The Eleventh Hour still stands as the opening act of probably the most entertaining run in the 50 years of Doctor Who.
The Doctor’s Wife. 14th May 2011. (Blake Backlash)
Not a title to conjure with. The Doctor’s Wife sounds like the title of rather stuffy theatrical comedy from 1951. And it isn’t quite right for the story we see. When the Doctor starts to spar with Idris (who, spoilers, has the soul of the TARDIS inside her) they don’t seem like a married couple. You certainly can’t imagine her thinking or speaking of herself as his wife. The Doctor’s Companion seems closer to being right – and there’s a nice ambiguity there about who that might refer to.
That’s not even the only thing that’s wrong with this episode. It was on telly just when the shine was coming off the Matt Smith era: it had started to feel like we were going out with a boy who was cute, passionate, funny, serious when he needed to be – everything we thought we wanted. But we had started to get the feeling that something just wasn’t right. And the look of the episode – a kind of tatty Victoriana, was overused in the Moffat era.
But, but, but… it feels like one of the few episodes since Russ left that say something about what it is like to be alive. Neil Gaiman wrote it, and I know him best from the Sandman comics. I started reading them when I was 15, finished with them when I was 18. Looking back now, I think they told me comforting lies, dressed up like hard-won wisdom: but that’s OK, that’s what all fairy-tales do. I remember a line in one, a girl waking up on a plane, complaining about not being able to remember her dream. Morpheus tells her ‘When you dream, you always remember, when you wake up you always forget’. That’s an evocative phrase, one that makes being alive seem like mysterious adventure – and I can’t help feeling it’s almost certainly gibberish.
For me, the most memorable line in this episode is lightly thrown away by Suranne Jones (who is great). Idris, who is grasping for dear life onto the pain and beauty of being alive says to The Doctor ‘Are all people like this? So much bigger on the inside?’ That’s an evocative phrase, one that makes being alive seem like a mysterious adventure – and I can’t help feeling it’s almost certainly true. How wonderful to think that being alive for just a moment might rival being able to go anywhere in space and time. How heartbreaking to think that everyone you might love has worlds inside them that you will never know. And when we die, the worlds are gone forever.
A Whole New Regeneration Cycle
Into the Dalek. 30th August 2014. (Thom Willis)
In 2005, a new audience first encountered a Dalek. Alone, chained, injured, it called out for help and what it got was a Doctor. Battle-scarred and screaming, the Doctor wanted only to destroy it. In the end it destroyed itself, remarking on the way that the Doctor would make a good Dalek. Nine years later in our time, a millennium in the life of the Time Lord, its words sound more like a prophecy than a jibe.
In 2014 we encountered another Dalek. Alone, chained, injured, it called out for a doctor and what it got was…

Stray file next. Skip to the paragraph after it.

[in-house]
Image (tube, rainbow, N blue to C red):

By this time we were used to Daleks again. They turned up on a suspiciously regular basis, almost as if contractually obliged to do so. We had seen their empire rise and fall before the might of the Bad Wolf, seen them hijack the Earth to destroy reality. We had seen them fuse with humans and we had seen them reject their debased forms and reform as nattily colour-coded giants. We had literally seen every type of Dalek ever shown on-screen. Daleks were no longer news.
Into the Dalek, though, promises something we’ve never seen before – a good Dalek. But how do we define “good” here? “Genocidal in a different direction” is a curious way to look at goodness, and it is never once questioned in the episode. Even Clara, the Doctor’s external conscience storage unit, fails to notice that “A good Dalek” is only one wishing to kill for the other side. It’s not a moral stance, it’s a combat decision. Beyond that, though, it also offers us a look inside a Dalek.
This may seem familiar territory. The first series episode Dalek tackled similar ideas, but it did so in a way that was very much of its era. The supporting cast are varying degrees of ham. The sets are large-scale but lit like a Saturday night TV drama. The riveting performances of Eccleston and Piper aside, it is played way too broad to be taken too seriously.
This episode firmly rejects that aesthetic. This isn’t Saturday prime-time family fun, it says. We have a real director, an older Doctor with a harder attitude, we have better sets, better lighting, we have themes to explore. The boyish adventuring of the previous Doctors has been shelved. See how our Doctor doesn’t even try to save the hapless grunt destroyed by the Dalek’s antibodies? Doesn’t even say he’s so, so sorry. At one point in the episode, the Doctor asks Clara if he is a good man and she is unable to answer. The Dalek answers his question later, telling him that he is a good Dalek. Can he possibly be a good Doctor?
You might not like this Doctor but in the end he is the Doctor. If someone, anyone, calls out for a Doctor, he answers. The same man who grabbed Rose’s hand ten years ago and started us all running. Through rebooting, retooling and retconning, no matter who runs the show, we are there still, keeping up. And if we have the legs for it we can all keep running for as long as he can.